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A long time out and a long time since my last post the farm's been in the full swing of the early summer routine. We've worked cows, started cutting hay, and somehow along the way wound up cutting down a 50 year old Oak tree that toppled over in a storm. To say the least, not much time for Gundams.

In between things, I managed to preorder and secure the 1/100 scale "00 Raiser Designer Colors" edition from HLJ. Since its arrival a couple of weeks ago I have slowly begun the building process. However there is much paint work to be done for this model's preperations, such as the undersides of exposed sections and some interior pieces for the model's main gimmick. This fuction is powered by three LED light modules that are built into the 00's backpack mounted (which hang over the shoulders) twin GN Drives and the head. To make this gimmick work the way I want requires paint to help black out the sections of plastic that light will normally bleed through.

The paint work has been the real time consuming, on the runner portion of the work so far. Not every part has been cut free yet, because I've found painting is easier without having to juggle small pieces between fingers and paint brushes. This process also includes my filling in the panel lines as well. The advantage of this with panel lining is that the 'stain' effect of the GM-01 Gundammarker (fine tipped black) does not bleed over into any unwanted regions that are typically cut-off points from the runners. Once a part has been finished, I've cut it away and cleaned the excess paint from its edges using paint cleaner.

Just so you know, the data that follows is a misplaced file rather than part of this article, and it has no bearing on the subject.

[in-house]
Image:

Speaking of the paints, I'm using my traditional Testors Model Master Acryls. For this kit I used the following out of the bottle:
Clear Green
Clear Blue
Clear Red
Flat Black

Due to the extreme color shift in this kit compared to its original version I had to compensate with the gray paint to match its plastic, therefore I created a mix of Gunship Gray and Flat Gull Gray. The mix is somewhere close to 50/50 that started when I added Gull pigment to Gunship and then remixing it. The final mix is smooth, and often works with one brush stroke on a small area. For larger areas I've taken the extra precaution of using thinner and a wide head brush in a two coat formula.

More on this will come when I do the final review. Until then I've included a sample picture of the work in progress.

Posted 5 June, 2009 - 07:57 by Gunpla Rob


5 comments posted
False advertising

I thought this post was gonna be about Women In Prison. ;)

Glad to hear you're keeping busy on the farm. Things have been a bit slow around here and I'm starting to develop a gut again. Gotta get moving. But I did actually just get some monster model kits that I can spend some time on. These will be the first plastic kits I've ever painted. I've done resin before and built Gundam kits, but never painted them. Fortunately, for the most part, all the parts are big enough that I shouldn't have any trouble handling them. I hope they come out ok.

"This must be settled the way nature intended....with a vicious, bloody fight!"
Onyx Blackman
Principal, Flatpoint High

NekroDave's picture
Posted by NekroDave on 5 June, 2009 - 13:29
Things are going.

With the weather rolling over us the past few days delaying us from rolling hay, I've had a few hours to work on the kit. So far much of my assembly work has been dedicated to improving the light up function of the shoulder mounted drives. there's a little bleed through in some places but its down to minor top coats to fix.

On the other swing of things, we've gotten through the roughest 48 hours of cattle life we've had in over a few years; a distressed heiffer in the process of trying to deliver her first calf. When she began to go into labor on Thursday night, she would not show signs of delivering until Friday morning, by then she was in trouble. To make matters worse, the weather was beating us down.